Pattern Duck necks?

Kent Lufkin

Remember when you could remember everything?
#1
I recently met a guy who ties a soft hackle using duck neck feathers instead of hen or other more traditional materials. He said he favors brandt or teal over mallard. Anyone tried using duck before? Any idea where I might find one/some?

TIA,

K
 
#2
Many wet fly patterns used barred mallard, which looks right and is properly size-scaled for flies of that size. Also good for dry fly wings.
 

Smalma

Active Member
#3
Kent-
The duck feathers that most folks use are flank feathers - usually found under the wings of the bird - not neck feathers. Typically the most useful are from the drakes. I use a lot of mallard flank feathers for sea-run cutthroat flies as well as streamers. Feathers from green wing teal, gadwall, and widgeon all are useful. The teal feathers are smaller and a little darker than mallard. The gadwall is more heavily barred and dark than mallard - one of my favorites. The widgeon have a nice dark brown barred feather -both flank feathers and feathers from the shoulder - I use them in many of my scuplin patterns. Another duck feather is the lemon barred feather from wood ducks that is used in dry fly wings and tails. Finally the mallard drake also has a bronzed feather used in some Altantic salmon flies.

The best source of feather is to have buddies that hunt waterfowl though most fly shops carry at least mallard and wood duck and usually the better shops have the others as well. The mallard flank feather are often dyed and can be found in a wide range of colors other than the natural grey.

Tight lines
Curt
 

Steve Rohrbach

Puget Sound Fly Fisher
#4
Kent, you might want to try Feather Craft on-line. They report extensive inventory of a variety of duck feathers. They too seem to focus on the flanks. Ducks are so oily that it is next to impossible to skin the bird like a pheasant and have anything that isn't rancid and discolored in days. Therefore, plucking individual feathers is the answer. I hope this helps. If you are successful, please post some photos. It is always fun to learn a new technique.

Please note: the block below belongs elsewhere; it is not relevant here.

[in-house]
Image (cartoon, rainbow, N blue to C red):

Steve
 

Kent Lufkin

Remember when you could remember everything?
#5
Thanks for all your responses. I'm well aware of flank feathers, CDC, gadwall, teal and other duck feathers which I've tied with for years.

The person I mentioned in the original post is an old-timer who's been a flyfisher and hunter for longer than most of us have been alive. Over the years, he's developed some patterns that have simply outproduced most of the others. As a result, he favors them which in turn means he catches more fish, which makes him favor them even more. He was quite specific about using neck feathers from brandt, widgeon and other barred species palmered to make his favorite soft hackle pattern.

Roger's point about duck feathers being oily makes sense given that this is a subsurface pattern. But it also points to the possibility that duck skins or necks should be kept frozen or otherwise sealed to keep them from spoiling. Any thoughts on the best way to preserve them? Or should I simply remove the feathers and discard the skin?

Thanks again,

K
 

Cliff

Active Member
#6
Kent, are we talking about a certain retired engineer from Long Island who is in our club? I can vouch for his soft hackle pattern.

Cliff
 

Kent Lufkin

Remember when you could remember everything?
#7
Cliff said:
Kent, are we talking about a certain retired engineer from Long Island who is in our club? I can vouch for his soft hackle pattern.

Cliff
Yep! (I didn't realize he was an engineer, but it makes perfect sense now that I think about it!)

K
 

Tim Cottage

Formerly tbc1415
#8
Somewhere in my collection a have a series of old pattern books from Veniard.
They are more like 15 - 20 page pamphlets with two center pages of colored illustrations and the rest of the pages filled with the dressings.
I swear I saw duck neck and duck back listed as hackle in one of those.

It certainly makes sense for a soft hackle. You can easily wash the oil out of the plucked feathers using Dawn dish-washing liquid. Dawn cuts oils, fats and grease especially well because it is at the other end of the PH scale from most natural oils and fats.

TC
 

FT

Active Member
#11
I knew an old timer by the name of Leon Wronski back in the late 60's in Pennsylvania who was a professional fly tyer and very good trout fisherman. Anyhow, Leon tied and fished soft hackle wets with duck neck feathers from several species of duck very effectively. He simply doubled the feather as he wrapped in around the hook making 2 to 2 1/2 turns of the feather.
 
#12
"Old Timers" catch more fish because they have time to go FISHING! I know because I ARE one! I've been tying soft-hackles from Green Wing Teal that I shot maybe 30 years ago. I've kept the feathers on the skin and they're doing just fine with no special treatment.

SuperDave